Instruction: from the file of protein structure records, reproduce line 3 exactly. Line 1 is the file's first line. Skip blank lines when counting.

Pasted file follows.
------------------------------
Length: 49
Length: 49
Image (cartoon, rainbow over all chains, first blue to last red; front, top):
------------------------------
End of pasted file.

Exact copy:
Image (cartoon, rainbow over all chains, first blue to last red; front, top):